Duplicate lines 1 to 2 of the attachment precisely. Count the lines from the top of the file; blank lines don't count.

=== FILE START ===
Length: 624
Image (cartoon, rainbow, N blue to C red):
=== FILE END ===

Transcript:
Length: 624
Image (cartoon, rainbow, N blue to C red):